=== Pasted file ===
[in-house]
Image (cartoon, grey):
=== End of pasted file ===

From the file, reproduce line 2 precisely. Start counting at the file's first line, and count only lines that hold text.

Image (cartoon, grey):